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Ten Pet Peeves Related to Writing on the Web

It was hard to restrict this to just ten things, but here are ten things related to writing on the Web that are causing me to break out in hives when people don't manage to follow basic writing guidelines that they should have learned in high school. Please, proofread before you post, and yes, that includes titles too. Yes, I know, everyone makes mistakes, and heaven knows I do, but we should at least try for basic literacy.

 

  1. It's is a contraction for it is. Possessive pronouns (its) don't have apostrophes.
  2. Titles of long works (movies, television series titles, plays, books, and albums) are italicized. In the U.S. use double quotation marks for short works, like short poems, short stories, and article titles.
  3. Learn the differences between accept and except, stationary and stationery, complementary and complimentary, lose and loose, and principal and principle.
  4. Web site is capitalized; it's derived from the proper noun World Wide Web. Note that you cite a Web site.
  5. Either curse or be courteous; masked expletives and obscenities are amateurish and cowardly. Be a grown-up and curse for real—or be adept and refrain from cursing. English has a centuries-old tradition of increasing vocabulary by taking the best of other languages. You don't get "nice points" for using biatch instead of bitch; you're a writer; surely you can do better than minced oaths.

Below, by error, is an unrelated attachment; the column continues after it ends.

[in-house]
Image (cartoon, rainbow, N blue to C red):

6. Learn the differences between a hyphen, an em-dash and an en-dash. That means don't use - for —.
  7. Link to your sources and to related online content.
  8. Don't create links that open a new browser window; it's exceedingly poor practice in terms of user experience and usability since it disables the function of the Back button. Jacob Nielsen compares it to a vacuum cleaner salesperson who begins his pitch by dumping an ash tray on your carpet. Let users decide how and where they want links to open.
  9. Have something intelligent, interesting and thoughtful to say. Please don't waste readers' time by offering little more than a summary and paraphrase of your source.
  10. Leave room for comments to provide an alternate viewpoint, or to take the conversation in a new direction.